Boyci: Two passengers are dead and as many as six others are unaccounted for after a tragic plane collision over Lake Coeur d´Alene on Sunday. The Kootenai County Sheriff's Office confirmed that two victims were discovered dead while authorities searched the Idaho lake. They were recovered from the water before the aircraft sank into Lake Coeur d´Alene.
'Due to the nature to the accident their identity is unknown at this time,' the department wrote in a statement.
Initial reports said there were eight other passengers on the two aircraft, but authorities said they're verifying the count. The remaining six passengers are unaccounted for. The victims and additional passengers have not been identified. At this time, it is believed there are no survivors.
Witnesses said they saw two planes colliding above the water, then crashing into the lake near Powderhorn Bay, according to a release from the Kootenai County Sheriff´s Office. The crash took place about 2:20 p.m.
Multiple local agencies, including the sheriff´s marine teams, local fire departments and the United States Coast Guard, responded to the crash. The Kootenai County Sheriff’s Office said the both planes have been located by a sonar team and are under 127 feet of water.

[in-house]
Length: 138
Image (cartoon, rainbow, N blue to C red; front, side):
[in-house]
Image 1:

The Kootenai County dive team is reportedly not equipped to be that deep, so a commercial dive team would likely be needed to search for any survivors and wreckage.
A Federal Aviation Administration spokesperson told CNN that one plane involved in the crash was a Cessna 206, but the other has not been disclosed.
John Cowles told The Spokane-Review that was on the lake with his family at the time of the crash. Cowles said he saw what appeared to be an 'engine explosion' on a seaplane flying no more than 200 feet overhead.
One of the plane's wings then separated, and the plane fell into the water.
Patrick Pearce, another witness, said he was pulling his jet ski from the dock when he noticed two single-engine planes flying towards each other between 800 to 900 feet above water.
Pearce, who is a pilot, said based on the engine sounds the planes were going at fairly high speeds.
The National Transportation Safety Board will likely take over the investigation in the coming days, Higgins told the Spokesman-Review.